we have mentioned that while traditional approaches to
Natural Language Understanding (NLU) have been ap-
plied over the past 50 years and have had some good
successes mainly in a small domain, results show insig-
nificant advancement, in general, and NLU remains a
complex open problem. NLU complexity is mainly re-
lated to semantics: abstraction, representation, real
meaning, and computational complexity. We argued that
while existing approaches are great in solving some spe-
cific problems, they do not seem to address key Natural
Language problems in a practical and natural way. In
[16], we proposed a Semantic Engine using Brain-Like
approach (SEBLA) that uses Brain-Like algorithms to
solve the key NLU problem (i.e. the semantic problem)
as well as its sub-problems.
SEBLA can calculate semantics of sentences using the
semantics of words and the semantics of a paragraph
using the semantics of the sentences. Enhanced seman-
tics capability is needed to handle complex mapping
cases mentioned in Section 5. We plan to use SEBLA for
such cases.
We also plan to use SEBLA to automate/partially
automate the implementation of the architecture in to final
software form (i.e. converting the architecture into op-
erational software). Note that the au tomation presen ted in
this paper is not the implementation in final software
form; it is rather automating the mapping to design
structure or architecture or blueprint of the desired sys-
7. Conclusions
IRTDM (Intelligent Agent based requirement model to
design model mapping) will significantly help today’s
large software development process. It takes long time to
manually map the requirement model to a design model.
As the software size gets bigger and bigger (a common
trend in the industry), this process will become much
more complex, and need for an automation of this proc-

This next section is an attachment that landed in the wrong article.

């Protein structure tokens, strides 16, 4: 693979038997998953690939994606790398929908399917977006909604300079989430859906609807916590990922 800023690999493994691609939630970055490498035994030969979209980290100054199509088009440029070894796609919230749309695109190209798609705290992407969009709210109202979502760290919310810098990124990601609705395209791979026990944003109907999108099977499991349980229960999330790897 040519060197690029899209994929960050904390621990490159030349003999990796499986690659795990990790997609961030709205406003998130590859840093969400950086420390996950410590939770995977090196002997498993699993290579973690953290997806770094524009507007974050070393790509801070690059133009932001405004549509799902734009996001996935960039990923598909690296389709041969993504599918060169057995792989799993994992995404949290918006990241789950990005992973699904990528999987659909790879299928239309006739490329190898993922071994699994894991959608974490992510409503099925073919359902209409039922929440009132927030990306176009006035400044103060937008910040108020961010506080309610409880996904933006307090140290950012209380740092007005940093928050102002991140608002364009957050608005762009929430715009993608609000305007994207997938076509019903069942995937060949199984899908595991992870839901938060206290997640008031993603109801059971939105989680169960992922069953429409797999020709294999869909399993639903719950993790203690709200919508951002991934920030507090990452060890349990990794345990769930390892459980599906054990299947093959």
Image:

ess will become mandatory. In fact, automation is al-
ready mandatory to handle existing software design/de-
velopment if we focus on the design for the bottom 90%
people (the so-called Base of the pyramid people, BOP).
IRTDM will also increase the reliability and correct-
ness of the said mapping and associated software. More-
over, with Natural Language Processing/Understanding
and Artificial Intelligence (AI), the IA (In telligen t Agent)
can map the design model to high level design compo-
nents, thus further providing significant help in already
very complex software engineering process.
Thus, our IRTDM will save significant cost for soft-
ware which is a key component of the total yearly ex-
pense of most countries. Lower software cost implies
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Intelligent Agent Based Mapping of Software Requirement Specification to Design Model
Open Access JSEA
lower price for buying new software; thus allowing many
more people in the world to enjoy the benefits of the In-
formation Age .
We have emphasized the need for enhanced Natural
Language Processing/Understanding to better handle se-
mantics, especially, for the complex software develop-
ment cases. Use of natural semantics (e.g. SEBLA [16]) is
the key to achieve this which we plan to do next.
[1] E. Khan, “Internet for Everyone: Reshaping the Glob-al
Economy by Bridging the Digital Divide,” 2011.
[2] G. Abowd et al., “Structural Modeling: An Application
Framework and Development Process for Flight Simu-
lators,” CMU Technical Report CMU/SEI-93-TR-014,